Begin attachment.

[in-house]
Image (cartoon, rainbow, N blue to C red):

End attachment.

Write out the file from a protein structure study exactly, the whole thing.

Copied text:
[in-house]
Image (cartoon, rainbow, N blue to C red):